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Wind Power

Wind Power

The nation’s wind supply is abundant and inexhaustible. Over the past 10 years, cumulative wind power capacity in the United States increased an average of 30% per year, and wind now has the largest generation capacity of all renewables in the United States.

What are the Benefits?

Wind turbines convert the kinetic energy in the wind (the energy the wind has, due to its motion) into mechanical energy. Wind turns the blades of the turbine, and the blades turn a shaft inside the turbine. An electric generator inside the wind turbine then converts this mechanical energy into electrical energy. Systems (Wind Turbines) contain electric generators that convert the power of the wind into clean, emissions-free power.

Why Use Wind Power?

While the turbines are in motion, the electricity produced will be consumed first, reducing or eliminating the need for electricity provided by your utility. When there’s no wind, you automatically draw power from the grid.
If the wind turbine produces more electricity than your business consumes at any given time, the excess electricity is fed back into the public utility grid.
Power provided from wind turbines generate credits which can be used for your annual electricity consumption. In addition to the net meter, a production meter records the total number of kilowatt hours produced by your wind system, allowing you to receive annual production incentive payments from your utility.

How Can An Organization Use It?

Wind is a great, sustainable form of generation that can be incorporated to cut electricity costs. Commercial grade wind-powered generating systems are available to meet the renewable energy needs of many organizations.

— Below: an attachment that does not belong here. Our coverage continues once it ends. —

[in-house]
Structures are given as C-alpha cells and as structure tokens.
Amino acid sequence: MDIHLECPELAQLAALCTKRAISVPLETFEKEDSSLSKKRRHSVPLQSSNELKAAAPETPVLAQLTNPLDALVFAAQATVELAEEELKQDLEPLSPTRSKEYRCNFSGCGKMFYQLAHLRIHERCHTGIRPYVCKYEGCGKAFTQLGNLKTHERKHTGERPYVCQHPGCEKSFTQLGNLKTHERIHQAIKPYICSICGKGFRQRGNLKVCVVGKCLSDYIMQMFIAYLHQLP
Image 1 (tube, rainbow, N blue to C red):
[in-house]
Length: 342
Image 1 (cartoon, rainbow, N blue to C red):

Single wind turbines generate electricity as a supplement to an organization’s existing electrical supply (when the wind blows, power generated by the system contributes to the offset need for utility-supplied electricity).
Small turbines may be suitable for businesses with as little as one acre of land, and some designs may even be suitable for roof-mounting in certain urban environments.

Benefits of Wind Power

A Stable and Low Cost of Power

Most experts believe that the price of electricity will continue to rise. When you generate your own power with a wind turbine, you take control of your electricity and guarantee a lower price for 20 years or more. By investing in wind power, you can safeguard your operational budget against the volatile and increasing costs of energy and free up money for other investments.

Tax Advantages

Between the federal Investment Tax Credit program and the ability to claim depreciation on wind turbines, an investment in wind power today translates to real value tomorrow.

Energy Independence

When you generate your own power, you are less dependent on the grid.

The “Greening” Of Business and Communities

Organizations that utilize wind power are highly valued by discerning consumers and community members. Your wind turbine will be a visible manifestation of your values and could put you at a competitive advantage in the eyes of consumers who want to support sustainable and environmentally friendly businesses.

Environmental Sustainability

Wind power is a clean and renewable source of energy and helping to fight climate change.

A New Source of Income

Wind turbines produce energy all year round and depending on your state’s laws, you may be able to sell excess power back to the grid.
Proven Technology

Wind power has been used for more than two thousand years. In the U.S., small wind turbines have been used to produce electricity since the 1930s, and many systems currently in use date from the 1980s.
More than 10,000 small wind turbine systems were installed in the U.S. in 2010 alone.


Wind energy systems typically last 25+ years, come with a 10-year warranty, and require only occasional maintenance.
The National Renewable Energy Laboratory, in conjunction with the Small Wind Certification Council, has begun to test and certify small wind turbines. The wind turbines are tested to meet standards in each of the following areas:
• Noise emissions, to determine sound levels at different wind speeds;
• Duration, to test wind turbine operation over long periods of time;
• Power performance, to determine power generation performance at different wind speeds;
• Power quality, to determine consistency of power output; and
• Safety and function testing, to make sure that turbines conform to design standards